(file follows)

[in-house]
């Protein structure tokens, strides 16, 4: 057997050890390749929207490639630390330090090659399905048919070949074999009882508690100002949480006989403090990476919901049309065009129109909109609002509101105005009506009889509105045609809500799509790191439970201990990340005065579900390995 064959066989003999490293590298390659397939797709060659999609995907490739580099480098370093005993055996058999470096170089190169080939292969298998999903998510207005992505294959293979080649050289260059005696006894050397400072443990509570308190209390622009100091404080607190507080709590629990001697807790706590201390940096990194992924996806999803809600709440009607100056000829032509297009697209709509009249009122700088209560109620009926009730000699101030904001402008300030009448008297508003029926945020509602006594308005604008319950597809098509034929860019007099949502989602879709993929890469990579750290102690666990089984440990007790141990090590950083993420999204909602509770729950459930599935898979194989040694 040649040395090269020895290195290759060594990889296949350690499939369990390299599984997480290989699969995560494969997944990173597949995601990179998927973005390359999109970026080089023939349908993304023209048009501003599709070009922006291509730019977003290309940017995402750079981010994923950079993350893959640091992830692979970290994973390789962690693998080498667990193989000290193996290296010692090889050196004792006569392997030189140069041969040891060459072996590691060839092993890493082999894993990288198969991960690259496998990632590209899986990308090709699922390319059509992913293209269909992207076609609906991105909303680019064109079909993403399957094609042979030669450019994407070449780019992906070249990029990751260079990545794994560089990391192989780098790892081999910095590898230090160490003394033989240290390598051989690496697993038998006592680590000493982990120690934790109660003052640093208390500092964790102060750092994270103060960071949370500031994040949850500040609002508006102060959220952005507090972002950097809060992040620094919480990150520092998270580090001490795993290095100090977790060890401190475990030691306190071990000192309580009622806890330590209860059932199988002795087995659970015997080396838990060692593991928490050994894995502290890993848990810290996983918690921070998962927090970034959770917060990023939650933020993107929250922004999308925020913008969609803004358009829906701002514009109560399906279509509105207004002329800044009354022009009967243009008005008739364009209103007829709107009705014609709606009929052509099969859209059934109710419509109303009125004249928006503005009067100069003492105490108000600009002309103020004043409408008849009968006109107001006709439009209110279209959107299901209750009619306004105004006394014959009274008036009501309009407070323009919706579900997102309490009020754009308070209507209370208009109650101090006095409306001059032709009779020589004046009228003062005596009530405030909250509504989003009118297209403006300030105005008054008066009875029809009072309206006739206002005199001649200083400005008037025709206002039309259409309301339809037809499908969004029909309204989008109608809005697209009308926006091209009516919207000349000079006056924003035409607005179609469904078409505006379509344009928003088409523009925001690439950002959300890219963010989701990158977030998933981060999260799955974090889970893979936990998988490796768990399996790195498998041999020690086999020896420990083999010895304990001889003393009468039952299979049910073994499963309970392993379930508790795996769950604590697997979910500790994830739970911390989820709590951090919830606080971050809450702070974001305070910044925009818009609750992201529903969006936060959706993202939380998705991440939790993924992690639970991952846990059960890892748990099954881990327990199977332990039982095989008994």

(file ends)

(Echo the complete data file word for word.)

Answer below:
[in-house]
């Protein structure tokens, strides 16, 4: 057997050890390749929207490639630390330090090659399905048919070949074999009882508690100002949480006989403090990476919901049309065009129109909109609002509101105005009506009889509105045609809500799509790191439970201990990340005065579900390995 064959066989003999490293590298390659397939797709060659999609995907490739580099480098370093005993055996058999470096170089190169080939292969298998999903998510207005992505294959293979080649050289260059005696006894050397400072443990509570308190209390622009100091404080607190507080709590629990001697807790706590201390940096990194992924996806999803809600709440009607100056000829032509297009697209709509009249009122700088209560109620009926009730000699101030904001402008300030009448008297508003029926945020509602006594308005604008319950597809098509034929860019007099949502989602879709993929890469990579750290102690666990089984440990007790141990090590950083993420999204909602509770729950459930599935898979194989040694 040649040395090269020895290195290759060594990889296949350690499939369990390299599984997480290989699969995560494969997944990173597949995601990179998927973005390359999109970026080089023939349908993304023209048009501003599709070009922006291509730019977003290309940017995402750079981010994923950079993350893959640091992830692979970290994973390789962690693998080498667990193989000290193996290296010692090889050196004792006569392997030189140069041969040891060459072996590691060839092993890493082999894993990288198969991960690259496998990632590209899986990308090709699922390319059509992913293209269909992207076609609906991105909303680019064109079909993403399957094609042979030669450019994407070449780019992906070249990029990751260079990545794994560089990391192989780098790892081999910095590898230090160490003394033989240290390598051989690496697993038998006592680590000493982990120690934790109660003052640093208390500092964790102060750092994270103060960071949370500031994040949850500040609002508006102060959220952005507090972002950097809060992040620094919480990150520092998270580090001490795993290095100090977790060890401190475990030691306190071990000192309580009622806890330590209860059932199988002795087995659970015997080396838990060692593991928490050994894995502290890993848990810290996983918690921070998962927090970034959770917060990023939650933020993107929250922004999308925020913008969609803004358009829906701002514009109560399906279509509105207004002329800044009354022009009967243009008005008739364009209103007829709107009705014609709606009929052509099969859209059934109710419509109303009125004249928006503005009067100069003492105490108000600009002309103020004043409408008849009968006109107001006709439009209110279209959107299901209750009619306004105004006394014959009274008036009501309009407070323009919706579900997102309490009020754009308070209507209370208009109650101090006095409306001059032709009779020589004046009228003062005596009530405030909250509504989003009118297209403006300030105005008054008066009875029809009072309206006739206002005199001649200083400005008037025709206002039309259409309301339809037809499908969004029909309204989008109608809005697209009308926006091209009516919207000349000079006056924003035409607005179609469904078409505006379509344009928003088409523009925001690439950002959300890219963010989701990158977030998933981060999260799955974090889970893979936990998988490796768990399996790195498998041999020690086999020896420990083999010895304990001889003393009468039952299979049910073994499963309970392993379930508790795996769950604590697997979910500790994830739970911390989820709590951090919830606080971050809450702070974001305070910044925009818009609750992201529903969006936060959706993202939380998705991440939790993924992690639970991952846990059960890892748990099954881990327990199977332990039982095989008994």